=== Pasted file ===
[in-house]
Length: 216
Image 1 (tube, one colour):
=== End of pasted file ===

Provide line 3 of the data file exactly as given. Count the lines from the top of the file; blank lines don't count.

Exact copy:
Image 1 (tube, one colour):